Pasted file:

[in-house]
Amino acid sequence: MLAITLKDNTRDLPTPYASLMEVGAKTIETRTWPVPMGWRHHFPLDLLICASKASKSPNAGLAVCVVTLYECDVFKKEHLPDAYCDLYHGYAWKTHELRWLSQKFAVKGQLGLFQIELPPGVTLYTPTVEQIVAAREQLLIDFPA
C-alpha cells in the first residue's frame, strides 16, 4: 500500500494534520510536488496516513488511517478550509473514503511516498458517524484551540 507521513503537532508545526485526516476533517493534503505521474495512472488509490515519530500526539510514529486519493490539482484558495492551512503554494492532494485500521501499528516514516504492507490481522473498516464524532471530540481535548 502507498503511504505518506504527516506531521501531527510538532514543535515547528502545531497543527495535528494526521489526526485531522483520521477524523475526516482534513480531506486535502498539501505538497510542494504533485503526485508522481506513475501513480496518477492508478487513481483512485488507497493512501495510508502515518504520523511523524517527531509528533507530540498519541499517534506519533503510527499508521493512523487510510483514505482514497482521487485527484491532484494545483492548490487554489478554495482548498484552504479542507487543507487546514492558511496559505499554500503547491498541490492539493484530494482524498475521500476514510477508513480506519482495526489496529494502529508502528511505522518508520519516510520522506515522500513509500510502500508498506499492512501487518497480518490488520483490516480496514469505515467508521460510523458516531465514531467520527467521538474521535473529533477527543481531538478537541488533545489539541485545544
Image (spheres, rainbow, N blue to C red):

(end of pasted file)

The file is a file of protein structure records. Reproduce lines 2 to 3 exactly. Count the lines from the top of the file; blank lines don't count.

Amino acid sequence: MLAITLKDNTRDLPTPYASLMEVGAKTIETRTWPVPMGWRHHFPLDLLICASKASKSPNAGLAVCVVTLYECDVFKKEHLPDAYCDLYHGYAWKTHELRWLSQKFAVKGQLGLFQIELPPGVTLYTPTVEQIVAAREQLLIDFPA
C-alpha cells in the first residue's frame, strides 16, 4: 500500500494534520510536488496516513488511517478550509473514503511516498458517524484551540 507521513503537532508545526485526516476533517493534503505521474495512472488509490515519530500526539510514529486519493490539482484558495492551512503554494492532494485500521501499528516514516504492507490481522473498516464524532471530540481535548 502507498503511504505518506504527516506531521501531527510538532514543535515547528502545531497543527495535528494526521489526526485531522483520521477524523475526516482534513480531506486535502498539501505538497510542494504533485503526485508522481506513475501513480496518477492508478487513481483512485488507497493512501495510508502515518504520523511523524517527531509528533507530540498519541499517534506519533503510527499508521493512523487510510483514505482514497482521487485527484491532484494545483492548490487554489478554495482548498484552504479542507487543507487546514492558511496559505499554500503547491498541490492539493484530494482524498475521500476514510477508513480506519482495526489496529494502529508502528511505522518508520519516510520522506515522500513509500510502500508498506499492512501487518497480518490488520483490516480496514469505515467508521460510523458516531465514531467520527467521538474521535473529533477527543481531538478537541488533545489539541485545544